well drained soil
  Re: (0...)
How do you tell if your soil is "well drained"? Many plants say "does well in well drained soil" Is there a simple test to do to check your soil? If it isn't well drained what is recommended way to adjust - new gardener
  Re: well drained soil by mdgarden (How do you tell if y...)
The recommended testing method is to dig a 12" hole, fill it with water & see how long it takes for the water to drain out completely. If the water is still there the next day, you have slow drainage and 2 options: 1) grow plants that like wet conditions there, or 2) amend the soil with sand and/or lots of compost to improve drainage. I suppose there's also 3) build a raised bed with lots of good topsoil (probably not stuff just dug from another part of the yard) and, yes, more compost.

If the area is flat you may be able to use the more imprecise, but lazier method of eyeballing the area after a heavy rainstorm: no puddles=very fast drainage (amend with peat & compost, or use arid-loving plants); puddles that are readily absorbed=good drainage; puddles that stick around forever=very slow drainage. Of course, this only tells you what drainage is like at the soil surface, not so much what it's like down deep in the plant's root zone... Good luck!
The great thing about gardening is that you always get a chance to start over!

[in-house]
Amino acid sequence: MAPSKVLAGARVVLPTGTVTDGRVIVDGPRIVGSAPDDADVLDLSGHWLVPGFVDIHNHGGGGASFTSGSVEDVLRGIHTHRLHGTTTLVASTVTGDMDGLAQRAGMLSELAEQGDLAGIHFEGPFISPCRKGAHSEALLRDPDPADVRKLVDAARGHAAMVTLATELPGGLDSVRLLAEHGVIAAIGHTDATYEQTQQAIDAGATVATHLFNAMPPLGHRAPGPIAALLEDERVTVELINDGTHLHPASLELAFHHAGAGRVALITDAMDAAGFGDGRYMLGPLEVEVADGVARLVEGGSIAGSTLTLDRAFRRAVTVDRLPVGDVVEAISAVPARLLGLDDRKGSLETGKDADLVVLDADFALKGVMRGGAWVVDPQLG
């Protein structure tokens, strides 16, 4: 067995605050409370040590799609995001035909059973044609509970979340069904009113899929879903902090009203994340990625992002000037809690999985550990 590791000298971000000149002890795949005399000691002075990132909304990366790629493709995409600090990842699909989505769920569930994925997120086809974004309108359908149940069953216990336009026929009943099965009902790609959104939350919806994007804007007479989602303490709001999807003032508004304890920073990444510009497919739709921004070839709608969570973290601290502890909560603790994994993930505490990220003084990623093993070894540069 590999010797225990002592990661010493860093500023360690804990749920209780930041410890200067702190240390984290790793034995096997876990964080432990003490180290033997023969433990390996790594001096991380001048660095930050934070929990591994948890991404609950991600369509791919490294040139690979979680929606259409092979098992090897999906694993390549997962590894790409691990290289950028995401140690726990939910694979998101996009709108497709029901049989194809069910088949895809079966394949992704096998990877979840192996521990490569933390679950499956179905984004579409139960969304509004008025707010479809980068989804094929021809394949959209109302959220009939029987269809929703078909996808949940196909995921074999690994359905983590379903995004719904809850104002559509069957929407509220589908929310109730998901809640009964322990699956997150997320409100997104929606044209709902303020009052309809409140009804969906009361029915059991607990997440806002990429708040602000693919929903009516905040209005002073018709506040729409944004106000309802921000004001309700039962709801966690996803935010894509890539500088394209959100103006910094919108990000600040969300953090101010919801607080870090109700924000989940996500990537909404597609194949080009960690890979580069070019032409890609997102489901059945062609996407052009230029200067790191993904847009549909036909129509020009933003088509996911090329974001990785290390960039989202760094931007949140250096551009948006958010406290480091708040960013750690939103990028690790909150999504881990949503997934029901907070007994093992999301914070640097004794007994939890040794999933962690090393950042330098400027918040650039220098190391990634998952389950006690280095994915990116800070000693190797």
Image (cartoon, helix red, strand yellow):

Re: Re: well drained soil by IntrepidMeredith (The recommended test...)
That hole should be 12 inches, or 1 foot square, and 12 inches deep and then you fill it with water and allow that to drain and then refill the hole and time how long it takes to drain. Anything less than 2 hours means the soil is too well drained and needs lots of organic matter to slow that drainage down. Anything over 6 hours means that soil drains too slowly and it needs lots of organic matter to speed up the flow of water.
West Central Michigan along the lake shore.
  Re: Re: well drained soil by KimmSr (That hole should be ...)
I wan't going to reply, but could not resist. Also live in east central Wi and have primarily a clay soil. The first thing we learned in master gardener class about establishing well drained soil is to ammend with a good compost. Also to NEVER add sand ad thei is the perfect receipe for concrete sand+clay =concrete
  Re: Re: well drained soil by captainbartelt (I wan't going to rep...)
Whether your clay plus sand would equal concrete will depend on which type of clay you have and the amount of sand added to that clay, but mostly to make any difference in your clay by adding sand you would need at least 45 percent by volume. So for a 4 x 4 planting bed you would need at least 29 cubic feet of sand to amend that soil and it should be amended to a depth of 4 feet so water will not be held in by that sense clay beneath it called the bathtub affect. Any organic matter is what to use to ammend any soil. OM in clay soils opens up the soil structure so mosture and nutrients will move around and plant roots can also. OM in sand will fill in the pore spaces so moisture and nutrients are held in place for the plants roots to find and utilize.
West Central Michigan along the lake shore.
  Re: Re: well drained soil by KimmSr (Whether your clay pl...)
Well, I feel blessed!! I don't worry about drained soil. We have deep top soil here and if we have a wet sring the water does percolate down and most plants aren't affected. I'm relieved I don't have to dig 4 ft down to amend the soil.
I really admire your work at gardening if you have to dig all your beds that deeply.

Forum Jump:

Users browsing this thread: 2 Guest(s)